Albany author autographs his book for President Obama

Eugene G. Sherman gives God all the glory for his success.

ALBANY — When E.G. Sherman Jr. came into the newspaper office recently to be interviewed, one of the first things he said was, “I’m still on cloud nine!” He then proceeded to tell about reading to a third grade class at Sherwood Acres earlier that same day and how he autographed a business card for every student after the students proclaimed “we’ve never touched a real author before.”

The hugs the children gave him afterwards were “just as important as any of this academic recognition”, Sherman said with a big smile.

The recognition Sherman received is having his book being recommended for President Obama’s personal reading list.

Book Signing

WHO: Eugene G. Sherman, Jr., Ph.D.

WHERE: LifeWay Christian Store

1218 N. Westover Blvd.

Albany, GA

WHEN: Thursday, March 20th

TIME: 11 a.m. - 6 p.m.

The book “Black Religiosity: A Biblical and Historical Perspective” is available at www.crossbooks.com as well as www.amazon.com.

Born and raised in Whigham, Sherman worked the plow behind a mule on the family farm. When he reached the age to attend high school, his parents left him with a preacher during the week so he could go to classes in Cairo. Sherman emptied the ashes daily from the wood-heated classrooms, all 12 of them, in order to get a free lunch. What money his father gave him, the young man used for treats or books.

After high school, Sherman went to Fort Valley State where he earned a bachelor’s degree. His educational journey continued when he was offered, and accepted, a scholarship from Southern Illinois University to work on his masters, the first African American to ever receive such an offer. With the masters in hand, it was on to Purdue University to receive his Ph.D. in sociology.

Florida A & M was Sherman’s first teaching job, where he remained from 1959 -1967. He then made his way to Albany State University. As a senior professor of Sociology, he retired from ASU in 2002, after 35 years on staff. Retirement for Sherman was not, however, to be one long stretch of fishing, napping and/or watching television. While still at ASU, Sherman became a Doctor of Sacred Theology. Institutional First Baptist Church was founded in 1971 by Sherman and he remains the pastor today.

To say that the Sherman family has a tight grasp on the importance of education would indeed be an understatement. Sherman, the eldest of four, has a brother who is a chemist at Conoco Oil in Lake Charles, La., a sister who is a vice president of the University of Arkansas at Pine Bluff and another sister who is a CPA for Duvall Electric Company in Jacksonville, Fla. There was no hesitation on Sherman’s part as to how the siblings got where they are today. “Our success came through the grace of God and education,”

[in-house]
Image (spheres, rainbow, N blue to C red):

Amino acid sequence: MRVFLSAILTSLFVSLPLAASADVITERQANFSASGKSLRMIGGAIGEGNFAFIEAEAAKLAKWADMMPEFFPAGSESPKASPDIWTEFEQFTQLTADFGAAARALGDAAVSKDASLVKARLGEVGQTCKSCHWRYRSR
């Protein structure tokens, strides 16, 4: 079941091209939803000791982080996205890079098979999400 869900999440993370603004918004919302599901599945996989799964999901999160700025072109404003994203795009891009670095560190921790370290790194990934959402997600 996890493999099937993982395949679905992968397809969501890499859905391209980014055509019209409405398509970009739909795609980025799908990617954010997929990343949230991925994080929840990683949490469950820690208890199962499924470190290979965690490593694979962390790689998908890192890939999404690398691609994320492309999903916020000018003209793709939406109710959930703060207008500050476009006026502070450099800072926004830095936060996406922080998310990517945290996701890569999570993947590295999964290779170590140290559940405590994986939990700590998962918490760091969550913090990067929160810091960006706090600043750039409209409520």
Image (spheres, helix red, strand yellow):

The story of Sherman is like the Energizer Bunny in that is just keeps on going. In February, Sherman attended the Association for the Study of African American Life and History (ASALH) in Washington, D.C. and was inducted into the organization. Such membership means that a call could come from any part of the country asking that he be a guest speaker or presenter for a vast variety of organizations, including colleges and universities. As one of 121 authors, Sherman also participated in a book signing featuring his “Black Religiosity: A Biblical and Historical Perspective”. When asked about the book’s topic, Sherman expressed the importance that religion played in the lives of African Americans from the early days of slavery to the Emancipation Proclamation in 1863.

“Although slaves were not permitted to have organized churches, religion has always been with the people, then and now.” Slaves for the most part maintained a strong belief in God and did worship in their huts or underground churches. A part of Sherman’s book tells just how slaves used their faith to survive inhumane conditions.

The Rev. Joshua DuBois is the spiritual counselor for President Barack Obama. A part of Dubois’ job is penning daily devotions for the president. At the recent ASALH event, DuBois was given the task of selecting three books to be added to President Obama’s personal collection. Sherman’s title was the first of the three selected. The copy is signed “To: President Obama, From Eugene G. Sherman.”

So, how does a man go from a plow to professor to the pulpit and on to the president’s book shelf? There is only one way, says Sherman. “People must put God first regardless of other issues, circumstances or related experiences,” he said.